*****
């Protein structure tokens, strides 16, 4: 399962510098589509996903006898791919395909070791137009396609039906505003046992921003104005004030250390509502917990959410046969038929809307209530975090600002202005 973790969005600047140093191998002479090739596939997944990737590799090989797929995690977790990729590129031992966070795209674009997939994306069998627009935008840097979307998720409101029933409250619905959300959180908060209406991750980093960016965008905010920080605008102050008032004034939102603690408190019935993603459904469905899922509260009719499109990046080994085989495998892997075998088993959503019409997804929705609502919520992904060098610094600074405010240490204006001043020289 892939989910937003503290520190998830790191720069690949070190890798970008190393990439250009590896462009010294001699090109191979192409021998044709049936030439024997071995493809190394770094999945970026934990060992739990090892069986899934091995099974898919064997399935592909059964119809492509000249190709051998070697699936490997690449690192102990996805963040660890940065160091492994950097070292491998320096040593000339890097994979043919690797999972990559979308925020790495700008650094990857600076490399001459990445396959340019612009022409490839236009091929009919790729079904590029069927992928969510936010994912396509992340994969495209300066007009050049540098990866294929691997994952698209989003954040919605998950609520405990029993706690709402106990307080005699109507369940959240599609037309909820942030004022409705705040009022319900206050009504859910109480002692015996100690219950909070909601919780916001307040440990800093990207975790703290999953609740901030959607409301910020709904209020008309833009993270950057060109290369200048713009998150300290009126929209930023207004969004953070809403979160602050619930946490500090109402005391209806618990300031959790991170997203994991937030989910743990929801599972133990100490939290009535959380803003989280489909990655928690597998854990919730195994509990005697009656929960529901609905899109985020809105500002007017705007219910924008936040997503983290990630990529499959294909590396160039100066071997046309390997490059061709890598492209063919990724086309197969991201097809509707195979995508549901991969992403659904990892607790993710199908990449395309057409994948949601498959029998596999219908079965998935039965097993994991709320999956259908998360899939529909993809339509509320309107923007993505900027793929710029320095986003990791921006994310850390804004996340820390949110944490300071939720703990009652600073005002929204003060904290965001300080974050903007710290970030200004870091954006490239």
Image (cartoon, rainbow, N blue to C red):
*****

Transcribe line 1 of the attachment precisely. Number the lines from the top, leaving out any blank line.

């Protein structure tokens, strides 16, 4: 399962510098589509996903006898791919395909070791137009396609039906505003046992921003104005004030250390509502917990959410046969038929809307209530975090600002202005 973790969005600047140093191998002479090739596939997944990737590799090989797929995690977790990729590129031992966070795209674009997939994306069998627009935008840097979307998720409101029933409250619905959300959180908060209406991750980093960016965008905010920080605008102050008032004034939102603690408190019935993603459904469905899922509260009719499109990046080994085989495998892997075998088993959503019409997804929705609502919520992904060098610094600074405010240490204006001043020289 892939989910937003503290520190998830790191720069690949070190890798970008190393990439250009590896462009010294001699090109191979192409021998044709049936030439024997071995493809190394770094999945970026934990060992739990090892069986899934091995099974898919064997399935592909059964119809492509000249190709051998070697699936490997690449690192102990996805963040660890940065160091492994950097070292491998320096040593000339890097994979043919690797999972990559979308925020790495700008650094990857600076490399001459990445396959340019612009022409490839236009091929009919790729079904590029069927992928969510936010994912396509992340994969495209300066007009050049540098990866294929691997994952698209989003954040919605998950609520405990029993706690709402106990307080005699109507369940959240599609037309909820942030004022409705705040009022319900206050009504859910109480002692015996100690219950909070909601919780916001307040440990800093990207975790703290999953609740901030959607409301910020709904209020008309833009993270950057060109290369200048713009998150300290009126929209930023207004969004953070809403979160602050619930946490500090109402005391209806618990300031959790991170997203994991937030989910743990929801599972133990100490939290009535959380803003989280489909990655928690597998854990919730195994509990005697009656929960529901609905899109985020809105500002007017705007219910924008936040997503983290990630990529499959294909590396160039100066071997046309390997490059061709890598492209063919990724086309197969991201097809509707195979995508549901991969992403659904990892607790993710199908990449395309057409994948949601498959029998596999219908079965998935039965097993994991709320999956259908998360899939529909993809339509509320309107923007993505900027793929710029320095986003990791921006994310850390804004996340820390949110944490300071939720703990009652600073005002929204003060904290965001300080974050903007710290970030200004870091954006490239």